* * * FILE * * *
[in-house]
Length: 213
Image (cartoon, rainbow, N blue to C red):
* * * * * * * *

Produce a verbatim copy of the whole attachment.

[in-house]
Length: 213
Image (cartoon, rainbow, N blue to C red):